Four Trinidadian students stuck in India are asking the Government for an exemption to return home.
The four were currently studying in Agra, Uttar Pradesh, India, after receiving a scholarship under the Hindi Scholarship Programme 2019-2020, issued by the government of India and facilitated by the High Commission of India.
In an email interview, one of the four explained they were carded to return to T&T on May 3, 2020, but had been trying to get back to their homeland after the World Health Organisation declared COVID-19 a pandemic.
“We left Trinidad on August 5, for this nine-month programme carded to end on April 29, 2020,” the student stated.
The student added, “The ticket was booked for us by the school since August 2019. Since India has now extended its lockdown to May 3, our flights have now been cancelled and it falls under our institution’s responsibility to re-book tickets. No information has yet been forthcoming from them with regards to this. An additional cause for concern is our student visas, which will expire on May 9.”
The students claimed on March 15, before the T&T Government shut down its borders, they made requests to the High Commission of India in Trinidad, the Trinidad Embassy in New Delhi as well as the authorities at their school to facilitate their immediate return to Trinidad since their scheduled departure was in any case near.
However, instead, according to their claims, the focus was placed on completion of their final examinations which was made a priority even though they explained that travel bans were inevitably going to be placed and time was of the essence. They say those examinations have since been cancelled.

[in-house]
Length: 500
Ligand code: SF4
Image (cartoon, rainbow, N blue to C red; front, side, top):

Asked to describe the current situation in Agra as well as their accommodations, they said at the hostel where they remain it was less than comfortable especially under lockdown conditions.
Online statistics state, to date Uttar Pradesh, the Indian State in which Agra lies, there have been 1,294 confirmed COVID-19 cases and 20 deaths. Together India has reported a confirmed 18,985 cases.
The students say 21 hotspot areas have also been identified within Agra where restrictions have been imposed heavily and no one is allowed to step outside there homes and road travel is not allowed in those parts of the district.
“Our hostel is located near one hotspot area which makes the delivery of certain items previously accessible, now unavailable to us. We have been given masks in our hostel which are only used in collecting items at the gate since we are not allowed to leave otherwise,” said one student.
Another added, “We’re all just concerned about our position should we end up having to stay in India for an extended period and if we’d be able to get home anytime soon. The living conditions are not comfortable as previously outlined and we are not equipped to deal with it for much longer.”
They claim their return flight was included in their scholarship and purchasing tickets independently was too costly.
“After travel bans were placed first in Trinidad then in India, understanding the nature of the situation, we were left with no choice but to stay in our hostel and await the lifting of travel restrictions, which is what we were trying to avoid when we took action early on. However extensions are now unpredictable with no real deadline in sight,” said one student.
“We are just asking that if we can get our flight out of India, will an exemption be made for us to enter Trinidad? Or should the lockdown be extended beyond April 30, will there be a temporary lift to allow nationals on the outside to come back home? We understand the severity of the pandemic, but we plead at least for nationals to be allowed home. We agree to comply with any quarantine measures deemed necessary,” the students petitioned.